Is punishing free speech OK? Rep. Chris Stewart says it depends.

Stewart suggests that proposed Liz Cheney demotion may be appropriate.

(Tom Williams | CQ Roll Call via AP Images) Reps. Tom O'Halleran, D-Ariz., left, and Chris Stewart, R-Utah, view rioters who broke into the Capitol during a joint session of Congress to certify the Electoral College votes of 2020 presidential election on January 6, 2021.

At the same time that Rep. Chris Stewart says liberals are damaging freedom of speech by seeking to block books by aides to former President Donald Trump, he suggests that House Republicans still could justifiably punish a leader for the way she spoke up about impeachment.

Why is punishing one form of free speech bad and the other OK?

On a national Fox News interview over the weekend, Stewart said that House Republican Conference Chair Liz Cheney — the No. 3 ranking GOP member in the House — had a responsibility to use her speech to represent the entire conference, and not just her own views. But her support to impeach Trump was held high by Democrats in a way he said hurt most House Republicans.

“I do think when you take on responsibility of leadership that you do have an additional responsibility to represent the conference,” he said.

“If you are weakening the conference or if you put your members in positions that make it untenable for them, make it more difficult to justify their own vote or more difficult to become reelected or difficult to raise money, you make them a target of the Democrats … that puts you in a different situation than other members.”

At the same time, Stewart said the party should not seek to punish individual members who voted their conscience and supported impeachment.

Stewart also was asked in the interview about a letter signed now by 500 authors and literary professionals calling on publishers not to sign book deals with members of the Trump administration, saying “those who enabled, promulgated, and covered up crimes against the American people should not be enriched through the coffers of publishing.”

Stewart tore into that as a violation of freedom of speech.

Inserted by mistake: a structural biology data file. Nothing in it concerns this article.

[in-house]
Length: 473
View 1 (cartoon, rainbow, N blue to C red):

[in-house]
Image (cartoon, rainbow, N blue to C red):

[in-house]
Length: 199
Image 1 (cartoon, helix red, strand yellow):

“It’s just absurd,” he said. “Is their view going to be that if someone does publish these individuals, that they’ll go burn those books? They’ll ban them? I mean, for heaven’s sake, this is like Germany in 1936,” said Stewart, who is a best-selling author himself.

“If you’re not confident that you can defend your own ideas, your own values, then you default to that position of just shutting everything else down. And that’s exactly what we’re witnessing today. And it’s frankly just un-American.”

He complained that no similar calls went out against the left during riots and protests last summer protesting police mistreatment of Blacks.

“For six months we saw rioting, violent rioting, estimates of $1 billion to $2 billion of damage and not a peep about that,” Stewart said. House Speaker “Nancy Pelosi said, and others, there should be these uprisings. She asked them not to stop, to keep going until they achieve their goals.”

Stewart it was different when Trump supporters stormed the U.S. Capitol on Jan. 6.

“Then one day in January, the whole the whole script flipped and now everyone’s an insurrectionist. You know, again, the hypocrisy of it is just it’s mind boggling,” he said.

The Utah congressman is among a growing number of Republicans trying to equate the attack on the U.S. Capitol with the protests last summer against racial injustice.

But as the Associated Press has written, “the two events were fundamentally different. One was an intentional, direct attack on a hallowed democratic institution, with the goal of overturning a fair and free election. The other was a coast-to-coast protest movement demanding an end to systemic racism that occasionally, but not frequently, turned violent.”

Stewart said he believes books from all sides will not be blocked, and Americans can read them and be the ultimate judges of what is good or not.

“They can look at what happened in Portland and Seattle and Washington, D.C., and many other cities and then compare that with one day in January and say, ‘Well, you know, I think they’re both bad. we should condemn them both, not just condemn one side and not just try to silence one side,” he said.